Museums in Greece

Athens museums.

Athens is loaded with museums. It seems like there are new museums and branches of old museums opening every week.

You can check the Athens News for traveling exhibits and this page will give you information on the main museums that should not be missed.

An excellent book to get is The Museums of Athens by Aristidis Michalopoulos which is the most complete guide to Athens Museums that I have found. It contains opening and closing hours, entrance fees, and maps and descriptions on how to get to museums in Athens and Pireaus, the suburbs and nearby islands.

National Archaeological Museum

The National Archaeological Museum ranks among the top ten museums in the world. Its impressive collection is housed in a beautiful neoclassic building near the juncture of Alexandras Avenue on Patission Avenue. There is a gift shop, and a cafe in the sculpture garden. Children under 6 and EU students get in free.

The museum is a five minute walk from Victoria Station and a 10 minute walk from Omonia. The Trolly #’s 1,2,3,5,6,7,8,9,11,13, and 15 all stop there. W ell not exactly at the museum. They actually stop by Tositsa Street and you have to walk past a bunch of drug addicts to get there but they probably won’t bother you. They have their own problems. If the only day you can come is Sunday don’t bother. Only 8 of the 64 galleries are open due to a shortage of funds, and you still have to pay the same price.

The Acropolis Museum

The new Acropolis Museum was designed to offer the best conditions for the exhibition of its exhibits. A walk through its galleries is a walk through history between the masterpieces of the Archaic and Classical periods, but also in the ancient neighborhoods of Athens whose city streets and buildings you can see below when you look through the glass floors of the museum. It was hoped that by building the Acropolis Museum, the British Museum would return the Elgin Marbles, but don’t hold your breath. In the meantime there are copies of those pieces to go along with the thousands of ancient stones and statues that finally have a home, worthy of them. Don’t miss this museum.

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The Benaki Museum

Though the National Archaeology Museum gets all the press, in my opinion it is the Benaki which is the best museum in Athens and certainly the most important in terms of the history of both ancient and modern Greece as well as art and culture. I would also suggest that it is every Greek-American, Greek-Canadian, Greek-Australian and anyone who is of Greek origin or has an interest in Greece to visit the Benaki for a better understanding of the country which is modern Greece. Starting at the bottom floor with the ancient stuff and going up through the various periods of Greek history, my favorite part is the third floor and the heroes of the Greek Revolution and the birth of the modern state of Hellas. Just walk up Vass Sophias from Syntagma with the National Gardens on your right.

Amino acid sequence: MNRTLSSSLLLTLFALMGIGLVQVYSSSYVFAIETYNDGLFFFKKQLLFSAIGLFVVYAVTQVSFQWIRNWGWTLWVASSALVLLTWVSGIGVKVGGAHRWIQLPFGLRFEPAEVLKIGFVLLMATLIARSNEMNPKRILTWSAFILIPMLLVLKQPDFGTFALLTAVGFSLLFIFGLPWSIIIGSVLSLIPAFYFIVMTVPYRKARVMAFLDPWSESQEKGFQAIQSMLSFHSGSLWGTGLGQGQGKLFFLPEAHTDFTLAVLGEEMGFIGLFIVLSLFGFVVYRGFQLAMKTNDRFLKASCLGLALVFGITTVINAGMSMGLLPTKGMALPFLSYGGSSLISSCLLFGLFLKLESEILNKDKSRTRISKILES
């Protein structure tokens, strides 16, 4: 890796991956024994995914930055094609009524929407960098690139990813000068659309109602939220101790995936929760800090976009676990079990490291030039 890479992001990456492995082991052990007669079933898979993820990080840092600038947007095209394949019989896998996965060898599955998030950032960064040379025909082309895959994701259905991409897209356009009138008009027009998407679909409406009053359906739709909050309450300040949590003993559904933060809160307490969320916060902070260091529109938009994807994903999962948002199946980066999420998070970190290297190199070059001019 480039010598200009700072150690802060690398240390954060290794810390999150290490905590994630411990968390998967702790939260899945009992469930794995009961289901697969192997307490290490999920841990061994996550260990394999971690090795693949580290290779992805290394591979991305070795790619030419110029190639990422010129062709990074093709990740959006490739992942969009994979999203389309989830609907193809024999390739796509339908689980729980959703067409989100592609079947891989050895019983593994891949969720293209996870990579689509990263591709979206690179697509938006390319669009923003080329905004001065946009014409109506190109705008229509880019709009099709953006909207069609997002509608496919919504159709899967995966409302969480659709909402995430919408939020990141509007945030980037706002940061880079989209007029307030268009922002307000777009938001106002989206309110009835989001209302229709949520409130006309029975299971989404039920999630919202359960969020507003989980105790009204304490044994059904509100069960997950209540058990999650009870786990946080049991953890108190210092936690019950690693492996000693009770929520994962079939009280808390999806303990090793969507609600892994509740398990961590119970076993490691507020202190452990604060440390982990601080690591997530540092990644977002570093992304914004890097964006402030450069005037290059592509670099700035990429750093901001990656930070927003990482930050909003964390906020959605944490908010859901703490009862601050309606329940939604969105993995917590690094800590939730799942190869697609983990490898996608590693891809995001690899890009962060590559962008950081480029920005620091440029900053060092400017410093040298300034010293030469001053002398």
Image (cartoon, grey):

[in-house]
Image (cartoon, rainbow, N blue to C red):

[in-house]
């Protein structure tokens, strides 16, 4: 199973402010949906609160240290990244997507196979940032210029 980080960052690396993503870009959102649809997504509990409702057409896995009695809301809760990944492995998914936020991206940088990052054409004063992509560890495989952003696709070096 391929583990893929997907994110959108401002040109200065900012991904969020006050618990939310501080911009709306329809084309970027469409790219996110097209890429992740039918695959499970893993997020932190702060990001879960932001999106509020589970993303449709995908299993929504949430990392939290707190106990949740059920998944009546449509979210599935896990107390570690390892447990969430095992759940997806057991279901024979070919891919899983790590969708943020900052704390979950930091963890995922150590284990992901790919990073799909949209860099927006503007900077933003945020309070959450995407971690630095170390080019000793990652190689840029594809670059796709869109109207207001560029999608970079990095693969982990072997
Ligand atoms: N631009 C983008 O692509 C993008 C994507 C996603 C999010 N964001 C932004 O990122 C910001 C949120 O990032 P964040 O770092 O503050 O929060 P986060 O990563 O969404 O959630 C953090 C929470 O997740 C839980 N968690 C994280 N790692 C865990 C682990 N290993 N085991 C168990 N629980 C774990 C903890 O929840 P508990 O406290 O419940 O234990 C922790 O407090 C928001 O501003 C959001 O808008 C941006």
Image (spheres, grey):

The Goulandris Museum of Cycladic and Ancient Greek Art

This Outstanding collection of ancient Cycladic art is excellently curated. Open daily except Sundays and Tuesdays from 10am to 4pm.

Kerameikos Museum

The ancient cemetery of Athens at the bottom of Ermou past the Monastiraki flea market has a nice little museum. The site itself though off the beaten path is one of my favorites. Lots of pottery and tombstones.

Museum of Greek Folk Art

Embroideries, wood carvings, jewelery, and other traditional folk art. The museums not-to-be-missed collection of ceramics is housed in a beautifully renovated former mosque at 1 Areos Street on Monastiriki Square. Open daily except Mondays from 10am to 2pm.

Jewish Museum

Before the Nazi occupation and the decimation of Greece’s Jewish population, many of Greece’s Jewish communities traced their roots back to the Spanish Inquisition and before to Classical Greece. Art and artifacts from Jewish communities through the ages, as well as documentation of the Holocaust makes this museum a cultural treasure. This museum was the creation of my 9th grade history teacher Nikos Stavrolakis. Opening hours: Daily 9.00-2.30, except Saturdays and Sundays 10.00-2.00

National Gallery

The permanent collection of modern Greek painters and international contempory artists includes large-scale sculptures. Open daily from 9am to 3pm. Open Sunday from 10am to 2pm. Closed Tuesday.

Municipal Gallery of Athens

The Municipal Gallery of Athens is houses a rich collection of nearly 3,000 works from leading 19th- and 20th-century Greek artists. Its current building was designed in the early 19th century by prominent architect Hans Christian Hansen and is one of the oldest neo-classical buildings in Athens.

The gallery is open Tuesday through Saturday from 10:00 to 14:00 and 17:00 to 21:00 (10am-2pm and 5-9pm), on Sunday from 10:00 to 14:00 (10am-2pm), and closed Monday. Admission is free.

National Historical Museum

This museum is perfect for those interested in the Greek War of Independence and it’s artifacts. Open daily from 9am to 1:30pm. Closed Mondays. Free on Sunday.

more museums and other info can find here

http://www.athensguide.com/museum.html